Fidál, 02 Qawl (Speech), 178 B.E.


A quiet afternoon in the neighborhood …


A colleague sent an initial draft of a paper titled “The Starting Point for a Global Initiative to Turn from Emergency to Emergence.” In my response, I mentioned that since it concerns changing human behavior, it raises the question at the heart of almost all systems change initiatives: How does one incentivize people to 1) engage in conversations that matter about their circumstances; 2) experiment with alternatives that address them; and 3) share what they learn and adopt / adapt what works? Probably as many ways as there are systems!


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Tab’s Galaxy on YouTube


Of course, no distinction of station can be made between any of the Manifestations of God. No Bahá’í can claim that the stations of the Báb or Bahá’u’lláh are superior to the stations of any other of God’s Messengers. It is only their mission which is distinctive. These were the first of the Prophets of God to be charged with uniting all of mankind. The first whose message was intended not for one people of culture, one language or nation only, it was for all peoples—Muslim and Jew and Confucianist, African and Indian and European. The coming of age of the human species, the time when that the race might recognize itself as one, discover its fullness and its common humanity, had arrived.

As such, the twin Holy Days—that are accounted as one in God’s eyes—mark the first world holy day to be vouchsafed to us by a loving God. Here is the first day in human history which can be celebrated as sacred by all peoples, no matter what their background. Equally here, the Jew may discover the birth of the Messiah and the Christian the Return of Christ. The Muslim might celebrate the appearance of the Hidden Imam or the birth of the promised Qá’im. The Zoroastrians can rejoice at the birth of their king, the Sháh Bahrám; the Buddhist can find the Maitreya Buddha, the supremely enlightened One; the Hindu recognize the reincarnation of Krishna, born to reestablish righteousness on earth. As such, this day might be seen as the first event in human history which can be claimed as their own by people of all traditions and all cultures.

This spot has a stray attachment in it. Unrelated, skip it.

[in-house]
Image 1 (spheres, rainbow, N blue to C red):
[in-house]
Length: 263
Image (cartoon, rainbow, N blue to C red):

My sister and brother-in-law recently relocated and chose to donate several books in their library rather than move them. Many of these volumes are not well-known, but due to the topics they cover and the manner in which their authors explore them, they warrant a nod of recognition before being sent on their way. Accordingly, most quotes referenced in the “Quoted” section come from these books. Maybe they will stir (or renew) your interest, too.

  1. Kalimát Press Staff, editor. Twin Holy Days: Birthday of Bahá’u’lláh, Birthday of the Báb: A Compilation. 1st Ed, Kalimát Press, 1994, [return]